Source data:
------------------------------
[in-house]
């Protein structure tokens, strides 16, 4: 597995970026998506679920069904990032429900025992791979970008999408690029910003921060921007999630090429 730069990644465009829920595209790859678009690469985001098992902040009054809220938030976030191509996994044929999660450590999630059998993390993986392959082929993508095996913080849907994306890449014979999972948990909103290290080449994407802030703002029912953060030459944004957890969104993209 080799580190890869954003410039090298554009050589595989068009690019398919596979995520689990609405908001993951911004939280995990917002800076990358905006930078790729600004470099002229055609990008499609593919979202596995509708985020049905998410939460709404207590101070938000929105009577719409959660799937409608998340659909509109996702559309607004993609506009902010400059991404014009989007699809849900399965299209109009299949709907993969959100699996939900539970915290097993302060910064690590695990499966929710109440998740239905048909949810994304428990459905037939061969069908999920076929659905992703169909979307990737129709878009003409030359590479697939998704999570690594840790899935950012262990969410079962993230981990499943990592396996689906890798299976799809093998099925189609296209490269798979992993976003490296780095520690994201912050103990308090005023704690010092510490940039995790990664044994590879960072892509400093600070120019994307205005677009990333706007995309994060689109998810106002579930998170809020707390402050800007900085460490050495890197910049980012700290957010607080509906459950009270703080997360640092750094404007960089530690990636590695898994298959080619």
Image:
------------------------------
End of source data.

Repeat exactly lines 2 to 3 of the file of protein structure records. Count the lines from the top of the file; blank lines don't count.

């Protein structure tokens, strides 16, 4: 597995970026998506679920069904990032429900025992791979970008999408690029910003921060921007999630090429 730069990644465009829920595209790859678009690469985001098992902040009054809220938030976030191509996994044929999660450590999630059998993390993986392959082929993508095996913080849907994306890449014979999972948990909103290290080449994407802030703002029912953060030459944004957890969104993209 080799580190890869954003410039090298554009050589595989068009690019398919596979995520689990609405908001993951911004939280995990917002800076990358905006930078790729600004470099002229055609990008499609593919979202596995509708985020049905998410939460709404207590101070938000929105009577719409959660799937409608998340659909509109996702559309607004993609506009902010400059991404014009989007699809849900399965299209109009299949709907993969959100699996939900539970915290097993302060910064690590695990499966929710109440998740239905048909949810994304428990459905037939061969069908999920076929659905992703169909979307990737129709878009003409030359590479697939998704999570690594840790899935950012262990969410079962993230981990499943990592396996689906890798299976799809093998099925189609296209490269798979992993976003490296780095520690994201912050103990308090005023704690010092510490940039995790990664044994590879960072892509400093600070120019994307205005677009990333706007995309994060689109998810106002579930998170809020707390402050800007900085460490050495890197910049980012700290957010607080509906459950009270703080997360640092750094404007960089530690990636590695898994298959080619």
Image: